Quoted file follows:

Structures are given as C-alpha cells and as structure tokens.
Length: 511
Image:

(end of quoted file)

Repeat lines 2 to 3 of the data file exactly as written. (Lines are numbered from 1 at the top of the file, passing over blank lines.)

Length: 511
Image: